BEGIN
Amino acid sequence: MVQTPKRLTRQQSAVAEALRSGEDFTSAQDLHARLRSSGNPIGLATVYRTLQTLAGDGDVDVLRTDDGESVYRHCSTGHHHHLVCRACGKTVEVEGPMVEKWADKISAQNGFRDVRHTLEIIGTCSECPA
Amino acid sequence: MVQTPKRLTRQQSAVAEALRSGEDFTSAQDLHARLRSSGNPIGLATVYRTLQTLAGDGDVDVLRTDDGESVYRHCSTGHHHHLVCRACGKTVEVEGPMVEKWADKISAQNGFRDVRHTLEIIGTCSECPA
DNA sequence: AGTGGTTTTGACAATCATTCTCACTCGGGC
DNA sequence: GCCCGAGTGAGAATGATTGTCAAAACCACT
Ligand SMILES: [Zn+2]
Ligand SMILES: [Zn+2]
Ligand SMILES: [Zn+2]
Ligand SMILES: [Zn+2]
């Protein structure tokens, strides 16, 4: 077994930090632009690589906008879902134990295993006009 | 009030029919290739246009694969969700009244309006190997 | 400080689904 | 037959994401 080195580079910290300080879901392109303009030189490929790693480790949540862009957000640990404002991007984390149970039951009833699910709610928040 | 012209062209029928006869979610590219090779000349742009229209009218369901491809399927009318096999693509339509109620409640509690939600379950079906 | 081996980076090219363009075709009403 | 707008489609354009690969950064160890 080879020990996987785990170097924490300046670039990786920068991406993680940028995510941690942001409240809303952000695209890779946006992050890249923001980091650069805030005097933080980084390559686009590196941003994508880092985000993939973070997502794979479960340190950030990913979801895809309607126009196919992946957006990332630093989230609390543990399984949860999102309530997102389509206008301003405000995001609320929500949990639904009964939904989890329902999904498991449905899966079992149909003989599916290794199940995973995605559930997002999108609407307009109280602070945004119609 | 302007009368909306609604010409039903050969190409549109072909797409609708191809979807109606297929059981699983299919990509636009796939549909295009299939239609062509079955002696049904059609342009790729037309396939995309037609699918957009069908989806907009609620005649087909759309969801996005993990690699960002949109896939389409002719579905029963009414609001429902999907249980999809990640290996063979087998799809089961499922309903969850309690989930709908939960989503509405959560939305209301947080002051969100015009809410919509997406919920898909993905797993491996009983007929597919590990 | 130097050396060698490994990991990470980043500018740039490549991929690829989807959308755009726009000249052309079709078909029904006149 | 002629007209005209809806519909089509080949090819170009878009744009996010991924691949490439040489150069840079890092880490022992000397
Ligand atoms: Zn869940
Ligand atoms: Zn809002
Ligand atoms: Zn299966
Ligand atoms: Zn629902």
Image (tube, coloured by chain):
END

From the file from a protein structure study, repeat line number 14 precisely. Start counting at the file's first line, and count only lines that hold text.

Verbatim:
Image (tube, coloured by chain):